“The black–billed gull", says Travers, "breeds on the main river–bed, and one or more pairs usually frequent the lake after the breeding season is over. On one occasion a pair of these birds, having by some means or other lost their own brood, returned to the lake earlier than usual. I brought up a young bird belonging to another brood, and placed it on the lake, and the bereaved parents at once took to it, tending it with the greatest care and solicitude.
“It is extremely interesting to watch these birds in their ordinary search for food during windy weather. The prevalent winds blow either up or down the lake, and when seeking food the birds soar against the wind along the margin of the lake on one side, until they reach its extremity, when they at once turn and run down before the wind to the other end, from whence they again recommence their soaring flight. But the most singular circumstance is, that in the main valley they pursue various species of moths, which occur in large numbers amongst the tussock grasses, and especially in sedgy patches occupied by standing water. I could not for some time make out the object of their peculiar flight, but a friend of mine who was lately on a visit with me for the purpose of collecting the Lepidoptera of the district, whilst pursuing a large moth, observed one of these gulls swoop at and capture it. We then noticed that some five or six of the birds were busily engaged in feeding on the moths, pursuing them very much as other insectivorous birds would do.
“The birds which frequent the lake become very tame, one pair in particular readily taking a worm from my outstretched hand, and constantly coming close to the house for food. Nothing can exceed the pureness and delicacy of their plumage when in full feather. It is doubtful whether this kind ever visits the coast.”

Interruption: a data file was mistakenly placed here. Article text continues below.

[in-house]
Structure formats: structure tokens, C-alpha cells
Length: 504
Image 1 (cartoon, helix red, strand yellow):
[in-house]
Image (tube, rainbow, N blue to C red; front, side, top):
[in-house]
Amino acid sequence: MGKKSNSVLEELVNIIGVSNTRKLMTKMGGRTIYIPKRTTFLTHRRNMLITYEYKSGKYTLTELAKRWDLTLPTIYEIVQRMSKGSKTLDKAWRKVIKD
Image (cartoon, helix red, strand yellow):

Other common names: —
37 cm., males 300 g., females 250 g., grey and white, black bill legs and feet, black wing tips.
Where to find: —
Breeds on riverbeds and lake margins of South Island, Lake Rotorua, Ohiwa Harbour, and southern North Island coastal areas.
Poetry: — Blacked-billed Gulls
Misty deserted seaweed arrives
look up and into sky,
clouds of Queens
pulling weathered ropes,
a red sky theatre royale
paradise of gulls it shows now,
Kelp unfurls with yesteryear,
stranded on barren beaches of knocked down batches crumbling hips
among the black-billed gulls who congregate, chanting squawking no
place to fly to but sing on overcast day.
— Sarah Watson 2006
Credit for the photograph: —
Illustration description: —
Buller, Walter Lawry, Birds of New Zealand, 1888.
Buller, Walter Lawry, Birds of New Zealand, 1873.
Heather, B., & Robertson, H., Field Guide to the
Birds of New Zealand, 2000.
Travers, W.T.L., F.L.S., Transactions of the NZ Institute, Volume,IV, 1871. Notes on the habits of some of the birds of New Zealand. The notes were “chiefly compiled from observations made during periodical visits to my cattle station at Lake Guyon, in the Nelson Province.... ”
Page date & version: —
Saturday, 9 October, 2010; ver2009v1